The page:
I view it the way a lot of people who have small businesses probably view those years. I view those years with a tremendous amount of fondness, as difficult as they were. We were given an opportunity to voice our point of view for the first time. I never had ambitions to be a producer or the boss or a writer, where I’d say Rob always did. In those early years, I was discovering I did have a point of view and I did have strong opinions about what was funny and what wasn’t. I did have strong opinions about how comedy should be acted and I wasn’t always pleased with what I was seeing on television, in terms of how comedy was being executed. We were getting paid shit and it didn’t matter to me, because it was the opportunity. It was long, long fucking days just grinding away. Those first few seasons it was really just me, Rob, and Charlie [Day] doing it and we were figuring it out together. It was a beautiful thing.
Yeah, the early seasons have a kind of punk, DIY mentality behind them. What part of that shines through when you’re filming now?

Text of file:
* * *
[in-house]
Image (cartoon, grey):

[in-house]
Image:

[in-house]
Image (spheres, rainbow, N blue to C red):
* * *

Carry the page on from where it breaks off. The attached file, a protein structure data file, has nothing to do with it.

I’m sure there are other shows that shoot the way our show shoots, but we’ve always had a pretty unique style. It’s very loose and run-and-gun. We’re almost always running three cameras at once. I’m not sure how many shows do this, not to get too technical, but we cross cover every scene. We shoot all the actors at once, so we can improvise and adlib and fuck with each other in real time and make sure that all of it is being captured on camera at once. If I decide to improvise something and you’re only shooting my side, that person’s reaction to whatever I improvised is not going to be on camera. I always had a firm belief from the very beginning that I wanted to shoot the actors all at once, because when actors are acting together there’s a certain energy that happens. If all the actors know they’re all on camera, there’s just a different energy to your performance when you’re on camera vs. with somebody who’s off camera.
Does that come from your theater background?
Yeah, we do all come from theater backgrounds. So much of what we were doing right from the beginning and what we wanted to accomplish with the show and what I felt like I wasn’t seeing on TV, was I wanted everything to feel like it was all happening for the first time on camera. Too many things always felt very clean and crisp and colorful and rehearsed. The comedy beats were so crisp and the jokes were so apparent. I wanted the acting to feel like it wasn’t rehearsed and it wasn’t memorized, although it is very much a scripted show, we adlib a lot and we fuck with each other a lot on camera to get real reactions.